Saar versus Mosel. Mineral versus Fruit. Acid versus Acid.

Versus, versus and versus. Three time versuses are in the title of my tasting note today. Both wines are from my favourite wineries from the Mosel, Saar and Ruwer area, now, of course, the three melt into just one Mosel area. The first one is since long one of my favourite; the second one, I just felt in love with only recently. One dominated by mineral, the other by fruit. One full and complex, the other light and refreshing. Versus implies competition but both wines today imply what a German Riesling does best; to truly and beautifully reflect the terroir, the interpretation of the soil and one year climate in a bottle.

Van Volxem, Volx Riesling Erste Lage, 2008

Color: Light gold.

Nose: very charming nose dominated by salty, nutty mineral with hint of spices. Aromas of riped fruit, apricot, orange and grapefruit, with subtle delicate floral scent. Very aromatic and complex with irresistable mineral tone.

Mouth: Luscious mineral with delicious fruit. The flavour is very complex and full. The acid is stunning; yet the wine is harmony due to a little bit of rest sugar. Great play and balance between sweetness and sourness. The texture is very yummy; round, full and creamy. Middle body. The finish is long with good mineral and, again, with great acid.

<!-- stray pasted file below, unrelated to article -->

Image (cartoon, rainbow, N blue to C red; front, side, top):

This is a really tasty and complex wine with intense mineral. The wine develops more and more after the cork is popped out. The sharp acid, typical Saar acid, is balanced out by a little bit of sweetness. This is actually the noticeable feature of the wines from Roman Niewodniczanski. This vineyard has a very long history and was in the old time a monastery winery. It was then run by the four generations of the family Van Volxem before it was bought by Peter Jordan in 1993, who operates the vineyard under the name of Jordan & Jordan. In the year 1999, Roman, a great-great grandson of the founder of one of the biggest beer empire in Gemany, the Bitburger, bought it and revitalize the vineyard towards its former fame under its old name. Volx Riesling comes from a parcel that was, according to the Preußischen Lagenklassifikation from 1868, classified as a Grand Cru site. The soil is dominated by blue slate planted with vines that are over 60 years old.

Clemens Busch, Puendericher Marienburg “Rothenpfad” GG, 2008

Color: light gold.

Nose: light fresh fruity nose; lemon and lynches. Subtle honey floral scent with a little bit of jasmin. Spicy cool slate-ty tone. Very refreshing.

Mouth: fruity taste with mouth watery acid with a bit of mineral in the background. Smooth soft light texture. The finish is long with delicate fruit and yummy acid.

This wine is really refreshing. Close your eye while drinking it and you emerge directly in the middle of a grass field, inhaling the beautiful and fresh summer breeze. The vineyard is located in Puenderich in the middle Mosel area. The Rothenpfad comes from a parcel in the Marienburg site dominated by red slate, resulting in a wine with a spicy mineral tone. Clemens Busch is famous for his sweet wines. One Auslese from 2006 and one Trockenbeerenauslese from 2007 is the regarded by Gault Millau as wine of the year. I have had very little experience with his wines but, from now on, I will not waste my time anymore.

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